WHO Community

“The World Health Organization (WHO) is the directing and coordinating authority for health in the United Nations. Their work is to organize the major efforts in eradicating diseases and improve the quality of human life worldwide.”

There is great value in architecture that promotes synergy. It is through interdisciplinary collaboration that global health issues will be solved.

Building upon the architectural vision of Jean Tschumi, this extension creates spaces that encourage a collaborative work environment, where new ideas can evolve, and solutions are forged.

Architecturally, there are two primary components: building volumes that protrude up from the landscape, and a low-lying, horizontal plinth that extends through the site. The plinth creates a seamless connection to the existing building, while providing communal work space for members of every discipline.

Program: Extension, office, conference and lab facilities
Størrelse: +25.000 m2
Beliggenhed: Geneve, Switzerland
Bygherre: World Health Organization
År: 2014
Type: Competition proposal, finalist
Samarbejde: Søren Jensen Rådgivende Ingeniører, Lüchinger Meyer, Henrik Innovation, Amstein Walthert, Caretta Weidmann
Team JAJA: Kathrin Gimmel, Jakob Christensen, Jan Tanaka, Sam De Boever, Stephen Dietz-Hodgson, Yujiao Wang, Marion Osen, Jacob Ørnstedt

WHO TODAY

The WHO building is considered a centerpiece in Swiss modern architecture. Designed by Jean Tschumi, it has an impressive presence. The main building stands tall and monumental while the low-lying plinth reaches out into the landscape.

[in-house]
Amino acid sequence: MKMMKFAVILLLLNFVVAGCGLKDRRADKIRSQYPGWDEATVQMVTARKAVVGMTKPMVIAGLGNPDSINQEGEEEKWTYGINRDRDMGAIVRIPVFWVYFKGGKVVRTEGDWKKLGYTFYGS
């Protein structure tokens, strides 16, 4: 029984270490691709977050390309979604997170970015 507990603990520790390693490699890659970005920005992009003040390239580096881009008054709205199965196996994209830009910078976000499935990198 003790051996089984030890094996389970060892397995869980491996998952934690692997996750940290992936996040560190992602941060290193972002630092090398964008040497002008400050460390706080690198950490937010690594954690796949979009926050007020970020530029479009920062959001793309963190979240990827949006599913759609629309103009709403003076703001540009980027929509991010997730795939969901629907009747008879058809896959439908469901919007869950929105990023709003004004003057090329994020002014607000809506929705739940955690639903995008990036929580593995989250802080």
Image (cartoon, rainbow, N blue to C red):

WHO TODAY

The WHO building is considered a centerpiece in Swiss modern architecture. Designed by Jean Tschumi, it has an impressive presence. The main building stands tall and monumental while the low-lying plinth reaches out into the landscape.

ARCHITECTURAL CONCEPT

Like the existing building, the new extension consists of two main architectural elements: plinth and object. These elements are used to extend into the park landscape while still respecting the core ideas of Tschumi’s building.

ARCHITECTURAL CONCEPT

Like the existing building, the new extension consists of two main architectural elements: plinth and object. These elements are used to extend into the park landscape while still respecting the core ideas of Tschumi’s building.

LANDSCAPE

The new plinth is a lightweight structure that floats above the landscape. The light frame allows the landscape to flow underneath creating a porous patchwork of workstations, meeting places and recreational spaces.

LANDSCAPE

The new plinth is a lightweight structure that floats above the landscape. The light frame allows the landscape to flow underneath creating a porous patchwork of workstations, meeting places and recreational spaces.

THE PLINTH

A central axis extends from the existing entrance to the new plinth. It creates a central spine and an intuitive connection between new and old. Along the main axis courtyards and meeting spaces are dispersed, rendering the spine as the main boulevard of the entire WHO complex.

THE PLINTH

A central axis extends from the existing entrance to the new plinth. It creates a central spine and an intuitive connection between new and old. Along the main axis courtyards and meeting spaces are dispersed, rendering the spine as the main boulevard of the entire WHO complex.